Some snipers were positioned in the hotel, on the balconies and the rooftops. We were worried about the rebels coming into the hotel and starting a fire fight, and we thought we could be caught in the crossfire, so we had to do our own thing and put up banners saying ‘don’t shoot us, we’re journalists’.
We slept in hallways most of the time. We avoided the rooms because they would get ransacked, and we wanted safety in numbers and to stay away from the windows so we didn’t have much glass around.
We also had shells flying over the hotel which was very scary, because we were stuck in the battle of Al Badya. As soon as we heard RPGs (Rocket Propelled Grenades) we’d try to get cover and run for the basement – it wasn’t secure but it was relatively more secure than the rest of the building. We located one room on the second floor of the hotel that was a prayer room, and we huddled there too, flak jackets and helmets on.
We were running out of food and water at the end, like the rest of Tripoli, and there was no power at the time. We had to get water from the swimming pool in the Rixos. It was getting difficult, it was very stressful, and we were frustrated that no one was doing anything.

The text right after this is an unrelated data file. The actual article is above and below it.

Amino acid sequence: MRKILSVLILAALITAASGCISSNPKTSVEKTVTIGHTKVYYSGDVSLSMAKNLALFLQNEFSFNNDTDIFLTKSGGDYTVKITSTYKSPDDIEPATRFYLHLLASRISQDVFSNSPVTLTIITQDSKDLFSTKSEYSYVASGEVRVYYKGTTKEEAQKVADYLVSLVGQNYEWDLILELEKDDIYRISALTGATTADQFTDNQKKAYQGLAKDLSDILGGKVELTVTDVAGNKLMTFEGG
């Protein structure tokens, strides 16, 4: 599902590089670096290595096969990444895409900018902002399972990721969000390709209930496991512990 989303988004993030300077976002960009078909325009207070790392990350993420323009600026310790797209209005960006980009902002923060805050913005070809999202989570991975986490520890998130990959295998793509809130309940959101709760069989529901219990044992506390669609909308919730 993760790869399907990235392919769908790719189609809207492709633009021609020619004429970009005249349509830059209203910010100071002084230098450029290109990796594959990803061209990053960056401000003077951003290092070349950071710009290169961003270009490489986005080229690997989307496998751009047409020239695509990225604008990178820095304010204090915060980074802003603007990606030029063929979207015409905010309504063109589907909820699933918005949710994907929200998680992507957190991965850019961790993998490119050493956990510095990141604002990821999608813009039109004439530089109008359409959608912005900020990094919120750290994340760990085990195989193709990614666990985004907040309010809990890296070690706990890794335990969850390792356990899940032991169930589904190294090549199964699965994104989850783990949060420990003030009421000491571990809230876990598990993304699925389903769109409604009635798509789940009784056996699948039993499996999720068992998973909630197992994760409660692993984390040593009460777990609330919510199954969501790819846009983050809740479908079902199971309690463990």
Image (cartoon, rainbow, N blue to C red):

There was one really emotional night where we all sat there and we thought, ‘we’re not going to get out of here, are we?’
‘The embassies were too jumpy to come in’
We were actually so desperate that we were calling any possible international organisation to help, like the UN and embassies. The embassies were too jumpy to come in.
Then a colleague handed me the phone, saying he was talking to an ICRC [International Committee of the Red Cross] representative in the country at the time. I think a [news] desk in London may have contacted them. And that was it, they kept the line open the whole time, they were calling us every few hours checking on our condition and trying to get access to us.
We never knew there was an ICRC hotline [for journalists in danger]. There were more than 30 journalists in there, and I don’t think any of us knew there was one.